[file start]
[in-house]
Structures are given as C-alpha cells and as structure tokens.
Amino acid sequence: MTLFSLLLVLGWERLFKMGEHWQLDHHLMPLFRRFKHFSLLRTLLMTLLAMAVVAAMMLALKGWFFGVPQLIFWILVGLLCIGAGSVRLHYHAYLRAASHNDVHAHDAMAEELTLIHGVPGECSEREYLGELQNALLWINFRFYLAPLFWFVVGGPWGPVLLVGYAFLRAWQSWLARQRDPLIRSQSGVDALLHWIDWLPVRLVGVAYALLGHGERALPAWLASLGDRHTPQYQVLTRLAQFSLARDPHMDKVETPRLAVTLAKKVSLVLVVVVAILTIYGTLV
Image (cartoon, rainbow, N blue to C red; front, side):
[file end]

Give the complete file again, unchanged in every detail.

[in-house]
Structures are given as C-alpha cells and as structure tokens.
Amino acid sequence: MTLFSLLLVLGWERLFKMGEHWQLDHHLMPLFRRFKHFSLLRTLLMTLLAMAVVAAMMLALKGWFFGVPQLIFWILVGLLCIGAGSVRLHYHAYLRAASHNDVHAHDAMAEELTLIHGVPGECSEREYLGELQNALLWINFRFYLAPLFWFVVGGPWGPVLLVGYAFLRAWQSWLARQRDPLIRSQSGVDALLHWIDWLPVRLVGVAYALLGHGERALPAWLASLGDRHTPQYQVLTRLAQFSLARDPHMDKVETPRLAVTLAKKVSLVLVVVVAILTIYGTLV
Image (cartoon, rainbow, N blue to C red; front, side):